Carve the Mark by Veronica Roth
Published: HarperCollins on January 17, 2017
Genres: Fantasy, Fiction, Romance, Young Adult, Action & Adventure
This was a pretty risky read for me, considering my loathe towards the last two novels of the Divergent series by Veronica Roth. However, I went into this novel with an open mind hoping for redemption. Afterall, everybody makes mistakes and deserves a second chance. Here’s what happened:
Carve the Mark takes place in a world where everything is powered by the current, much like the force in Star Wars. However, the current also flows through people, giving everyone their own unique currentgift. Cyra is the sister of the brutal tyrant who rules the Shotet people. Cyra’s currentgift gives her pain and power — something her brother exploits, using her to torture his enemies. But Cyra is much more than just a torture device in her brother’s hand: she is resilient, quick on her feet, and smarter than he knows. Akos is the son of a farmer and an oracle from the frozen nation-planet of Thuvhe. Protected by his unusual currentgift, Akos is generous in spirit, and his loyalty to his family is limitless. Once Akos and his brother are captured by enemy Shotet soldiers, Akos is desperate to get this brother out alive — no matter what the cost. Honor has no place in survival.
Right from the synopsis, it is clear that a lot of world building is required in order to fully understand and commit to the storyline, which unfortunately brings me to my first complaint. Roth definitely has the voice for world building, however while reading the novel, I felt as though there were still plot holes and unanswered questions. The beginning of the novel (okay really the first 100 pages) felt very tedious and boring because of the amount of world building that had to take place, and still I don’t fully understand the world. There’s even a glossary at the back of the novel to help understand these complex names of characters and places which in my opinion kind of took away from her writing.
The novel is also told in three different perspectives. First, there is Cyra’s perspective where she uses first person pronouns, but it sometimes switches into a third person narrator in the same chapter which I found quite odd and confusing. Then there is Akos’ perspective which is told in third person as well, but follows his perspective. Overall, I found this to be quite ineffective and make her writing seem unpolished. It would have been better to keep it consistent, most likely with a third person narrator. Cyra’s personal perspective didn’t serve any purpose and was unnecessary.
However the premise of the novel itself was quite interesting and engaging. Although the novel takes after a very common young adult formula with the two opposing nations on the brink of war, the forbidden love story between enemies, and the siblings trying to save each other from the other side, just to name a couple, I have to admit that I’m a sucker for those. Carve the Mark is a satisfying read for the young adult craving.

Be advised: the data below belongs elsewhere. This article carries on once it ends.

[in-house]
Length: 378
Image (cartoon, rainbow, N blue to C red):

Some problems that I found with Roth’s writing however was the relationships that she had built. It felt very rushed and kind of unrealistic in the sense that the characters who are supposed to be mortal enemies came together as allies without a real fight or tension. It just all felt too easy in my opinion and was missing the angst and fire that I was expecting. The romance between Cyra and Akos also happened quite early and quickly in the novel which was a little disappointing. I wouldn’t go as far as calling it instalove, but there was also no built up tension or anticipation leading up to their relationship, which caused me to not really commit to the idea of them as a couple. I didn’t find myself really rooting for them to be together.
One thing I can appreciate from this novel is the reversal of roles. I really enjoyed how Cyra is a strong warrior who teaches Akos how to fight, who is the blushing, sweet tempered guy who wants to see the best in everything.
I really enjoyed Cyra as the main protagonist in the novel. I liked that she was realistic and wasn’t always the all mighty heroine that is common in many young adult novels. Her currentgift causes her constant chronic pain, and I liked that she didn’t hide that from anyone and was able to admit to her vulnerabilities. I appreciated that she was very selfless, but also smart. Her decisions were never irrational and selfish and didn’t annoy me endlessly.
Akos was a bit of a boring character for me. There was never really a moment in the novel where his character really clicked with me and made me love him. However, one thing I can appreciate is his determination and how he stayed true to himself despite the circumstances that he is faced with.
Overall, Carve the Mark was a surprising read for me. Though it’s not a book that I would rave about and be on the top of my list to recommend to others, I liked it more than I was anticipating. I was pretty satisfied with the novel by the end of it and will definitely be picking up the second novel when it releases. I guess you win this round Veronica Roth.